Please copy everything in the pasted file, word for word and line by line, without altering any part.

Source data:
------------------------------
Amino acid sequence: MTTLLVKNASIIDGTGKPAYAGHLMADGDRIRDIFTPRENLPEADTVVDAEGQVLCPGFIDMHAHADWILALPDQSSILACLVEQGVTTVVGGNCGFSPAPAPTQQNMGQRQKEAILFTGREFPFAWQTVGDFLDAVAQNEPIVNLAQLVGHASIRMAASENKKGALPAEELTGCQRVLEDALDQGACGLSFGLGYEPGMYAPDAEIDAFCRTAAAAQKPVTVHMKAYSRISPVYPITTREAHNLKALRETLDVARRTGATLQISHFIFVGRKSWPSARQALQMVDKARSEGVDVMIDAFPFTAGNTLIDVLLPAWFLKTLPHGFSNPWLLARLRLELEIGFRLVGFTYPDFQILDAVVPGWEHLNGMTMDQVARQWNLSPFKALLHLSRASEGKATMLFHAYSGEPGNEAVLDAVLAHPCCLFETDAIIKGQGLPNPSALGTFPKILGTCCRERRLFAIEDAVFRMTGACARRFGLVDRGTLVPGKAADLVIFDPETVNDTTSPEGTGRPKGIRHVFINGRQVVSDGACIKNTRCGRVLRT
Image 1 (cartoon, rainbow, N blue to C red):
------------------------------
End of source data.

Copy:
Amino acid sequence: MTTLLVKNASIIDGTGKPAYAGHLMADGDRIRDIFTPRENLPEADTVVDAEGQVLCPGFIDMHAHADWILALPDQSSILACLVEQGVTTVVGGNCGFSPAPAPTQQNMGQRQKEAILFTGREFPFAWQTVGDFLDAVAQNEPIVNLAQLVGHASIRMAASENKKGALPAEELTGCQRVLEDALDQGACGLSFGLGYEPGMYAPDAEIDAFCRTAAAAQKPVTVHMKAYSRISPVYPITTREAHNLKALRETLDVARRTGATLQISHFIFVGRKSWPSARQALQMVDKARSEGVDVMIDAFPFTAGNTLIDVLLPAWFLKTLPHGFSNPWLLARLRLELEIGFRLVGFTYPDFQILDAVVPGWEHLNGMTMDQVARQWNLSPFKALLHLSRASEGKATMLFHAYSGEPGNEAVLDAVLAHPCCLFETDAIIKGQGLPNPSALGTFPKILGTCCRERRLFAIEDAVFRMTGACARRFGLVDRGTLVPGKAADLVIFDPETVNDTTSPEGTGRPKGIRHVFINGRQVVSDGACIKNTRCGRVLRT
Image 1 (cartoon, rainbow, N blue to C red):